In a recent study published in R&D Management, my co-author Marvin Hanisch (University of Groningen) and I examine the development of drugs and vaccines in response to COVID-19 using data on 2,456 clinical trials that were conducted between December 2019 and July 2020. Some unexpected results came to light. Especially early in the pandemic, most clinical trials focused on testing already existing drugs against COVID-19 (so-called “drug repurposing”). Much of this re-purposing research focuses on a small number of drugs indicates a lack of coordination and information sharing between researchers and an inefficient use of resources. We also found that that […]
New publication: Exploring network dynamics in science: the formation of ties to knowledge translators in clinical research
In our recent publication in the Journal of Evolutionary Economics, Maureen McKelvey (University of Gothenburg), Pablo D’Este (INGENIO), and myself study which mechanisms drive the formation of new collaborative relations to knowledge translators – i.e., investigators that have basic and clinical research knowledge – in clinical trials. Our results indicate that the network of clinical trial investigators remains fragmented over time. This fragmentation is problematic as it limits opportunities for knowledge transfer which may negatively influence knowledge generation and innovation based on clinical research. With respect to the mechanisms that drive tie formation, we find that similarity in terms of […]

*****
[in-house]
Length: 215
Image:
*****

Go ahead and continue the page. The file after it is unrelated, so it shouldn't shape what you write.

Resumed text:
Why Big Pharma did not respond to COVID-19? – Paid undergraduate summer research opportunity available
Why Big Pharma did not respond to COVID-19? – Paid undergraduate summer research opportunity available I would like to make you aware of the Summer Programme For Undergraduate Research (SPUR). SPUR is a six week active research based and paid (€ 1,500, tax free) experiential learning programme which offers you the opportunity to work together with a faculty mentor on a real research project. This is an excellent opportunity to get insights into management research and develop skills that make you stand out from your peers. SPUR is open to all pre-final year UG students. I am mentoring a student […]
Eu-SPRI 2021 track on “Rethinking medical innovation in times of crises: organization, delivery and company responses”
Maureen McKelvey, Magnus Gulbrandsen, and I are the convenors of the paper track on “Rethinking medical innovation in times of crises: organization, delivery and company responses” at the Eu-SPRI 2021 in Oslo. We invite submissions studying the topic of “Rethinking Medical Innovation in Times of Crisis” in a variety of contexts and encourage submissions that go beyond immediate crisis response to study the medium- and long-term impact of a crisis. To reach this goal, we have developed three broader themes of primary interest for this track. Submissions must be related to one or more of these themes, but that we […]